Gordon Chalk

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Sir Gordon Chalk
Gordon Chalk in 1963
30th Premier of Queensland
In office
1 August 1968 – 8 August 1968
MonarchElizabeth II
GovernorSir Alan Mansfield
DeputyJoh Bjelke-Petersen
Preceded byJack Pizzey
Succeeded byJoh Bjelke-Petersen
Leader of the Queensland Liberal Party
Elections: 1966, 1969, 1972, 1974
In office
23 December 1965 – 13 August 1976
DeputyAlex Dewar (1965–1967)
Peter Delamothe (1967–1971)
William Knox (1971–1976)
Preceded byThomas Hiley
Succeeded byWilliam Knox
35th Treasurer of Queensland
In office
23 December 1965 – 13 August 1976
PremierFrank Nicklin
Jack Pizzey
Joh Bjelke-Petersen
Preceded byThomas Hiley
Succeeded byWilliam Knox
20th Deputy Premier of Queensland
In office
8 August 1968 – 13 August 1976
PremierJoh Bjelke-Petersen
Preceded byJoh Bjelke-Petersen
Succeeded byWilliam Knox
In office
23 December 1965 – 1 August 1968
PremierFrank Nicklin
Jack Pizzey
Preceded byThomas Hiley
Succeeded byJoh Bjelke-Petersen
Deputy Leader of the
Queensland Liberal Party
In office
28 January 1965 – 23 December 1965
LeaderThomas Hiley
Preceded byThomas Hiley
Succeeded byAlex Dewar
Minister for Transport
In office
12 August 1957 – 23 December 1965
PremierFrank Nicklin
Preceded byThomas Moores
Succeeded byWilliam Knox
Member of the Queensland Legislative Assembly for Lockyer
East Toowoomba (1950–1976)
In office
3 May 1947 – 12 August 1976
Preceded byLes Wood
Succeeded byTony Bourke
Personal details
Born(1913-05-16)16 May 1913
Rosewood, Queensland, Australia
Died26 April 1991(1991-04-26) (aged 77)
Melbourne, Victoria, Australia
Resting placeUniting Church, Albert Street
Political partyLiberal[a]
Other political
Ellen Clare Grant
(m. 1937)
OccupationSales Representative, Newspaper employee

Sir Gordon William Wesley Chalk, KBE[1] (16 May 1913 – 26 April 1991) was Premier of Queensland for a week, from 1 to 8 August 1968.[2] He was the first and only Queensland Premier from the post-war Liberal Party.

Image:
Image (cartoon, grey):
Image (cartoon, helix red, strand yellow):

Early years[edit]

The only child of Queensland-born parents Samuel Chalk, butcher, and his wife, Sarah Elizabeth (née Wesley), "Chalkie", as he was nicknamed, was baptised in the Church of Christ (but as an adult gave his religion as Methodist). He attended Rosewood State, Marburg Rural, and Lockyer State High Schools.[1]


Gordon Chalk c. 1950

Chalk entered politics in 1947 having previously worked as a sales manager at the Toowoomba Foundry.[3] In January 1965, he defeated Alex Dewar 11 votes to 9 to be elected as Deputy Liberal Leader, after Alan Munro resigned as leader and Deputy Premier.

On 23 December 1965, Chalk succeeded the retiring Sir Thomas Hiley as Leader of the Queensland Liberal Party, Deputy Premier and Treasurer in a coalition government with the Country Party led by Frank Nicklin. He did so by defeating Dewar a second time, 12 votes to 8.[4] He continued in these roles when Jack Pizzey succeeded Nicklin as Premier on 17 January 1968.

Following the sudden death of Pizzey on 31 July 1968, the Governor Sir Alan Mansfield swore in Chalk as Premier on 1 August, pending the Country Party electing a new leader. They chose Joh Bjelke-Petersen, who succeeded Chalk after a week in office.[citation needed]

Chalk continued as Treasurer and Leader of the Liberal Party until his resignation from parliament in 1976.[citation needed]

Political positions[edit]

Seats held[edit]

Ministerial positions[edit]


In the Queen's Birthday Honours of June 1971, he was made a Knight Commander of the Order of the British Empire (KBE).[5]

Personal life[edit]

Upon his death in 1991 Chalk was accorded a State funeral which was held at Albert Street Uniting Church[1] and he was later cremated.[1]



  1. ^ Formerly called the Queensland People's Party, when Chalk joined the party.
  2. ^ Since the Liberal and National parties are in a coalition agreement since the foundation of the Liberal party, Chalk is a member of the Coalition via his ex-officio position within the Liberal Party leadership.


  1. ^ a b c d Gordon William (Chalkie) (1913–1991)Australian Dictionary of Biography. Retrieved 14 January 2015.
  2. ^ a b c d "Former Members". Parliament of Queensland. 2015. Retrieved 15 January 2015.
  3. ^ a b New Transport Minister for Queensland Truck & Bus Transportation, October 1957, pg. 66.
  4. ^ WANNA, JOHN; ARKLAY, TRACEY (2010). The Ayes Have It: The history of the Queensland Parliament, 1957-1989. ANU Press. p. 97. JSTOR j.ctt24h7kp.1. Retrieved 26 September 2022.
  5. ^ It's an Honour – KBE
Parliament of Queensland
Preceded by Member for East Toowoomba
Succeeded by
Seat abolished
Preceded by
Seat created
Member for Lockyer
Succeeded by
Political offices
Preceded by Parliamentary Leader of the Liberal Party in Queensland
Succeeded by
Preceded by Premier of Queensland
Succeeded by
Preceded by Deputy Premier of Queensland
Succeeded by
Preceded by Treasurer of Queensland
Succeeded by
Preceded by Minister for Transport
Succeeded by